Dylan Crews is the best college OF Draft prospect since ...

December 15th, 2022

MLB Pipeline's new 2023 Draft Top 100 Prospects list is out, and I have a severe case of Draft fever! So guess what the theme of today's Pipeline Inbox will be . . .

Dylan Crews is our preseason No. 1 Draft prospect after batting .356/.458/.677 with 40 homers in his first two seasons at Louisiana State. He's at least a plus hitter with plus power, possesses solid speed and arm strength and has a chance to remain in center field.

In the past five drafts, only three outfielders have ranked in our final top five heading into the Draft: J.J. Bleday in 2019, and Druw Jones and Elijah Green in 2022. Jones was in a class by himself, projecting as a solid hitter with well above-average raw power, speed, arm strength and center-field defense. Crews is a comparable hitter but a better athlete than Bleday (who hasn't produced as hoped for the Marlins), and a better bet to hit than Green, so that would put him at No. 2 behind Jones.

College outfielders aren't a historically strong Draft demographic, so this got me to wondering who was the last prospect from the group better than Crews. Florida's Wyatt Langford, No. 3 on the 2023 list, isn't too far behind Crews either.

The last college player drafted as an outfielder who was a better prospect than Crews was North Carolina's Dustin Ackley, who went No. 2 overall to the Mariners in 2009. He was regarded as perhaps the best pure college hitter since Robin Ventura, though his career didn't turn out nearly that well.

Ackley also comes with a bit of an asterisk, as he was a first baseman for the Tar Heels and made his official pro debut at second base (though he did play some outfield in the Arizona Fall League beforehand). If we only consider players who were outfielders in college, Crews is the best prospect since Florida State's J.D. Drew went No. 2 to the Phillies in 1997.

A Tennessee right-hander, Chase Dollander has it all: an elite fastball, the makings of a wipeout slider and two more secondary pitches that could be plus, advanced command, athleticism, a quality delivery and a track record of performance. If we asked all 30 teams who the best pitcher in the 2023 Draft is right now, I have no doubt that all 30 would vote for Dollander.

Louisiana State righty Paul Skenes was spectacular this fall and could make a run at Dollander if he can sustain that over the full spring after transferring into the Southeastern Conference from Air Force. But as of now, there's a large gap between Dollander and the rest of the college pitchers and a substandard high school mound crop.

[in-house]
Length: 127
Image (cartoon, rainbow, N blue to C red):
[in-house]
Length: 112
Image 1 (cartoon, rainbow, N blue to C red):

Dollander is the best college pitching prospect in a while. He has a deeper repertoire and better command than Vanderbilt's Jack Leiter and Kumar Rocker did in 2021, and more pitches and athleticism than Auburn's Casey Mize, the No. 1 overall pick by the Tigers in 2018. San Diego State's Stephen Strasburg (No. 1 to the Nationals in 2009) was the best college pitching prospect ever, and the only one since then better than Dollander was UCLA's Gerrit Cole (No. 1 to the Pirates in 2011).

I'll give you one player from each of the four demographics (college/high school and hitter/pitcher). The first player who jumped to mind was Virginia Tech outfielder Jack Hurley, who outperformed No. 9 overall choice Gavin Cross in the Hokies' lineup last spring. He makes a lot of hard contact and is a plus runner with a good chance to remain in center field.

I'm extremely bullish on Magnolia Heights HS (Senatobia, Miss.) shortstop Cooper Pratt, who's like a right-handed hitting version of Gunnar Henderson at the same stage of their careers. Among college pitchers, keep an eye on Alabama left-hander Grayson Hitt, who looked great in the fall and will be a first-rounder if he can translate his athleticism into control and command. Timberland HS (Wentzville, Mo.) lefty Adam Hachman is 6-foot-5 and already reaches 99 mph with his fastball but needs to show more consistency with his curveball and control while staying healthy this spring.

Even the Pirates don't know what they're going to do with the No. 1 overall selection seven months in advance. But when they had that same choice in 2021, they shopped a deal to multiple players, got Louisville catcher Henry Davis to sign for nearly $2 million under slot and then gave above-slot deals to their next four picks.

I'm a strong believer that teams always should take the best guys available at the top of the Draft, rather than trying to save money and finesse other prospects getting to their subsequent choices. There's no guarantee that the desired players will still be on the board when those selections arrive.

If Pittsburgh does cut a deal, Enrique Bradfield would be a candidate. The Vanderbilt center fielder has top-of-the-line speed and knows how to use it, stealing 46 bases without getting caught last spring and ranking as the best center-field defender in this Draft. He draws comparisons to Kenny Lofton, who won five stolen-base titles and four Gold Gloves, and if he approaches Lofton's career then Bradfield would be a worthy No. 1 pick regardless of the economics involved.